September 11th, 2001

It’s been 13 years. 13 years of anything is a long time. But 13 years since a national tragedy seems worse. It’s been 13 years since families have seen their friends, parents, aunts, uncles… etc. They knew they went to work that day just like any other day so they didn’t worry. They went to school like they always did. But then 9am hit and their lives changed forever.

On September 11th, 2014 I was sitting in my 5th grade class, Mrs. Andersons class doing (I believe) a social studies assignment. The first thing I remember is hearing what sounded like jets above us. I think there were two. And then we heard some big BOOMS. I thought It sounded like a big truck hit a speed bump or something innocent like that.

Then I see teachers in the halls running back and forth. A teacher from across the hallway interrupted our teacher mid-sentence and she walked outside with her. When my teacher came back in, she had us move our desks to the edges of the room so there was enough space for us in the middle and had us sit down in a circle.

Still confused, we sat around just talking. At 10 years old, I finally got a chance to sit next to my friend and we just started talking and laughing like nothing happened. We didn’t know anything. Then, one by one, classmates were being escorted out by Mrs. Anderson. That was a red flag. What happened that all these kids get to leave early?

I don’t remember if we were sent home from school early or if we had a regular dismissal day. But when I got home, both my parents were home in front of the TV. The first thing I saw was the twin towers burning and a man was hanging outside a window waving what looked to be a towel or shirt. Then 2 seconds later, he jumped.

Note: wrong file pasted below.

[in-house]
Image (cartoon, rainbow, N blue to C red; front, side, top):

At 10 years old,  I watched God knows how many people jump out of a huge building to their deaths. I don’t remember asking any questions, I just remember staring at the screen. At the time,  my dad was a private investigator but he had many friends that were officers and he was on the phone pacing back and forth. He was trying to get some answers and then I heard him and my mom talking about him heading out there to help. I got so scared. These people were throwing themselves out of a burning building. What was going to happen to my Dad?

I will never be able to understand the pain that must have been felt by the families watching the news not knowing where their family members or friends were. Knowing that you know someone in that burning building, seeing people throwing themselves out of it because they can’t get out must have been so stressful and utterly heartbreaking.

I’ll never forget what happened on this day 13 years ago. I don’t think anyone will. New York is supposed to be untouchable. The state that holds the city of dreams and happiness in the palm of its hands. But on that day, they took a piece of us New Yorkers. And though we are the toughest people in the world, we are still struggling to stand back up.


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